First published in 2006 by the Chinese-language Epoch Times, this series lays out in detail the vast system of Communist Party culture that dominates mainland China today and how it violently replaced the ancient moral and spiritual heritage of the Chinese people. Vision Times is proud to present a translation of Disintegrating the Culture of the Chinese Communist Party that sheds light on the fundamental characteristics of the world’s biggest communist state, while keeping true to the message intended by the original authors.
Chapter Two: The Establishment of Communist Party Culture (Part I)
Continued from Chapter One (Part V).
Communist ideology opposes the morality and beliefs of all traditional societies. In China, it is a foreign import that is completely at odds with the moral principles shaped over 5,000 years of civilization. To seize power and maintain its rule over the Chinese people, the communist movement had to uproot traditional culture and impose its own Communist Party culture through “thought reform.”
From its beginnings in the early 20th century, the Chinese Communist Party has focused on indoctrinating both its members and the general public in its philosophy of struggle. Generations raised “under the red flag” are all too familiar with the political courses mandated in education as well as the endless propaganda churned out by the CCP’s mouthpieces.
The ultimate goal of the Party’s thought reform is to erase the spiritual beliefs of Confucianism, Daoism, and Buddhism, which, known as the “Three Teachings,” form the basis of the traditional Chinese worldview. By wiping out faith in these teachings, the CCP prevents people from evaluating its rule from the perspective of traditional, universal moral standards.
While criticizing the “Three Teachings,” persecuting religious believers, and suppressing spiritual faith, the communists established a paradigm for understanding the world. The CCP found a powerful political tool in modern science and the theory of evolution, which would allow it to install the atheist doctrines of dialectical materialism and class struggle.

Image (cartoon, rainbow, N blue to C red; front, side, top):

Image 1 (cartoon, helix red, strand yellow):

Criticizing the ‘Three Teachings’
Confucianism, Buddhism and Daoism had a profound influence on Chinese philosophy, society, and governance for thousands of years.
Confucianism upholds the ideals of ren (benevolence) and yi (righteousness). Confucius said that “to shirk righteous action is to be without courage” and that “noble people with high ideals seek not survival by betraying the principle of ren; but would rather give their lives in fulfillment of benevolence.”
The view of destiny taught in Confucianism is etched into the Chinese consciousness. In the Analects, it is stated that “there is destiny in life and death; wealth and glory are up to Heaven.” The preface to the Doctrine of the Mean holds that human nature is ordained by the divine. To the ancients, all morality came from above. The purpose of human life is to achieve perfection by cultivating one’s morality and fulfilling the Mandate of Heaven.
The Yi Jing or Book of Changes, one of the five Confucian classics as well an important Daoist divination text, speaks of the san cai or “three powers” — Heaven, earth, and man. Heaven and earth gave rise to and nurture man; to assimilate to the virtues of heaven and earth is to maintain moral standards and social order.
Daoism emphasizes the concept of zhen or truth, and holds that “returning to the true self” is the way to achieve harmonious unity of man and nature. “Man follows Heaven, Heaven follows the Dao [or Way], the Dao follows what is natural.”
Traditional Chinese medicine and qigong energy practices are derived from Daoism, as are the methods of divinations described in the Book of Changes. Chinese legend is famous for its depiction of individuals who achieved immortality or became divine through Daoist cultivation. The endless interaction between yin and yang symbolized in the Taiji has inspired thinkers around the world, and the Daoist ideas of harmony with nature assumes special significance as humanity seeks to resolve looming environmental crises.
Buddhism emphasizes kindness, promotes compassion, tolerance, and respect for life as equal beings before the Buddhist dharma. Prior to the CCP’s takeover, the Buddhist concepts of reincarnation, accumulating virtue and practicing good deeds, and karmic retribution had become a universal basis for moral conduct in Chinese society. People understood their lot in this life as the result of actions taken in previous lives; the only way to change one’s fortune was to be good and avoid evil.
None of these ancient teachings and virtues can be tolerated under communist rule. Confucian Mandate of Heaven, Buddhist karmic ties, and the “no desires or attachments, be at peace with the world” spoken of in Daoism hinder the violent rebellion and dictatorship advocated by the Communist Party. Spiritual cultivation over secular life and death is the biggest obstacle standing in the way of the communists, who aim to conquer the world through material struggle and control the masses through atheism.